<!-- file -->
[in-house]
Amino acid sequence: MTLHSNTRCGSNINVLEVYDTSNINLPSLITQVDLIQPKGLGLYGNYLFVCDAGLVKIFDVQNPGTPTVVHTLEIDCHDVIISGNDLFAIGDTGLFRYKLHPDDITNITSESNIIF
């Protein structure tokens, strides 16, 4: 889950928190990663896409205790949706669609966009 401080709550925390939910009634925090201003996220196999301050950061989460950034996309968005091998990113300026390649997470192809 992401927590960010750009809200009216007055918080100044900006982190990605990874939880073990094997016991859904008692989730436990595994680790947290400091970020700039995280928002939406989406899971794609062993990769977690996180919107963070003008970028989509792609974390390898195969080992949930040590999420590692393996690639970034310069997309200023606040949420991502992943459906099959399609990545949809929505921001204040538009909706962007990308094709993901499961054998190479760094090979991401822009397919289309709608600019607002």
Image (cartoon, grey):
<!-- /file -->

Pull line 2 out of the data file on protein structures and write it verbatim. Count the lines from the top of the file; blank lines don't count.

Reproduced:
Amino acid sequence: MTLHSNTRCGSNINVLEVYDTSNINLPSLITQVDLIQPKGLGLYGNYLFVCDAGLVKIFDVQNPGTPTVVHTLEIDCHDVIISGNDLFAIGDTGLFRYKLHPDDITNITSESNIIF